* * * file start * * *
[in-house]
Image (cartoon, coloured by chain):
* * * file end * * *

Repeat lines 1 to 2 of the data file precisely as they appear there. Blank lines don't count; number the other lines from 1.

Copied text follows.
[in-house]
Image (cartoon, coloured by chain):